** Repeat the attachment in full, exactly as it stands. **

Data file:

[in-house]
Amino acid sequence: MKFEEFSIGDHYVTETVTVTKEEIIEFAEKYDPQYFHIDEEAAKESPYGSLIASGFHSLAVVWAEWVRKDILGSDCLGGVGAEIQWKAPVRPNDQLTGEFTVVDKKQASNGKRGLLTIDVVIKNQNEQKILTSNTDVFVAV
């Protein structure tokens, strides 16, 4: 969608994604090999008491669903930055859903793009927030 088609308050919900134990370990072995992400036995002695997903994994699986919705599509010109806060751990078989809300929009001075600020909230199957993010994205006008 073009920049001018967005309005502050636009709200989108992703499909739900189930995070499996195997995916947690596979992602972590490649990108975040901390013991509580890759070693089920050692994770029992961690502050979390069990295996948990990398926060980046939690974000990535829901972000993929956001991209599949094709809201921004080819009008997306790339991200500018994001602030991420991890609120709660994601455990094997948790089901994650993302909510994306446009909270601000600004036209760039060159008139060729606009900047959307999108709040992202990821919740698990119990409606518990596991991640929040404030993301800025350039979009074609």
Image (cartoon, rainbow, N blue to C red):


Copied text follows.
[in-house]
Amino acid sequence: MKFEEFSIGDHYVTETVTVTKEEIIEFAEKYDPQYFHIDEEAAKESPYGSLIASGFHSLAVVWAEWVRKDILGSDCLGGVGAEIQWKAPVRPNDQLTGEFTVVDKKQASNGKRGLLTIDVVIKNQNEQKILTSNTDVFVAV
């Protein structure tokens, strides 16, 4: 969608994604090999008491669903930055859903793009927030 088609308050919900134990370990072995992400036995002695997903994994699986919705599509010109806060751990078989809300929009001075600020909230199957993010994205006008 073009920049001018967005309005502050636009709200989108992703499909739900189930995070499996195997995916947690596979992602972590490649990108975040901390013991509580890759070693089920050692994770029992961690502050979390069990295996948990990398926060980046939690974000990535829901972000993929956001991209599949094709809201921004080819009008997306790339991200500018994001602030991420991890609120709660994601455990094997948790089901994650993302909510994306446009909270601000600004036209760039060159008139060729606009900047959307999108709040992202990821919740698990119990409606518990596991991640929040404030993301800025350039979009074609």
Image (cartoon, rainbow, N blue to C red):